A month ago, Parrish said the foreclosure should be settled in a week and blamed his failure to file a financial disclosure statement on a miscommunication with the Office of the Clerk. He also said that he was working with the clerk on getting it filed.

"From my vantage point, if anyone wants to know what I think about politics or Congressman Ryan Costello and what is going on, I think the first thing they need to do is realize that my opponent has a mortgage foreclosure. He is in a bad way," Costello said. "What he says as to who he is as a business man and what he does are way different."

A check with the Office of the Clerk on Friday indicated that Parrish's financial disclosure statement is still not on record.

A spokesman for Parrish said on Friday the foreclosure issue has been resolved with Wells Fargo Bank, as Parrish works to sell the home. Campaign manager Joe Bachman also repeated the claim that Parrish did not file his financial disclosure statement because he failed to receive a packet of information the Office of the Clerk sends to candidates after they file with the Federal Election Commission.

Bachman explained that Parrish is still putting together his financial disclosure statement, which he called complex, and has been in touch with the Office of the Clerk for clarification on a couple of points. The interruption of the Democratic National Convention in Philadelphia and other campaign obligations have also slowed the process, he said.

Bachman admitted that the campaign's financial situation is not ideal and that it is running a debt with payment owed to some vendors and back pay to some staff, including himself. However, he said fundraising has picked up in recent weeks and the debt listed on the last financial report has already been reduced.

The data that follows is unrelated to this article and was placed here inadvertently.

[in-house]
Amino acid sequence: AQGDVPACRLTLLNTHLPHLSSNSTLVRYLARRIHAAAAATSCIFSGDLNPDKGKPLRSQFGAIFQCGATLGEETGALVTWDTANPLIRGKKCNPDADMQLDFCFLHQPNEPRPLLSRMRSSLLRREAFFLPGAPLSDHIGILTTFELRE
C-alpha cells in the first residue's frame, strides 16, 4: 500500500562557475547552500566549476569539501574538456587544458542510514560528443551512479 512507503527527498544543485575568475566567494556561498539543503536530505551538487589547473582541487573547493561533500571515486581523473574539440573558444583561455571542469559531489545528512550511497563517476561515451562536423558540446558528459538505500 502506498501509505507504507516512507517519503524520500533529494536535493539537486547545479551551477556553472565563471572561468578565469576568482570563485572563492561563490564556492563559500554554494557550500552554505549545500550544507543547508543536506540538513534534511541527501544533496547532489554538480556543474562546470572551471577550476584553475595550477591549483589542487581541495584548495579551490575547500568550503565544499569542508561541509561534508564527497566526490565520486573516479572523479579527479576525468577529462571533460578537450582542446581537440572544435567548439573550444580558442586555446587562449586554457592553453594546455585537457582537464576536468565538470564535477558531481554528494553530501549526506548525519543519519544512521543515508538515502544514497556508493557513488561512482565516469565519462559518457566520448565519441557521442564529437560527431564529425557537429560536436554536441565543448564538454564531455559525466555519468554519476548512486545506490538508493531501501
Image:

Costello is "making a mountain out of mole hill" with his repeated accusation that Parrish's finances are in disarray, and is trying to distract voters from his support of Trump, Bachman said.

"My opponent is clearly desperate to do anything to change the subject away from his support for Donald Trump for president, including pathetic attempts to create a news story where none exists," he said. "If I had sold out our community the way Mr. Costello has, I would want to change the subject too. Mr. Costello has serious questions to answer regarding why he would put party before country and support a nominee for president who is obviously dangerous to the United States and its allies."

In defending Parrish, Bachman made some financial accusations of his own, stating that Costello, whose latest campaign finance report shows he has $1.4 million on hand, is backed by special interests.

"If my opponent wants to talk about finances, let's start there, with the massive contributions he has received from special interests and a voting record that demonstrates that he puts those same special interests ahead of his constituents," Bachman said. "A congressman who has sold out our community and put party and special interests ahead of the people he was elected to represent, that's the real story."

This article is part of a content-sharing partnership between WITF and the Lebanon Daily News.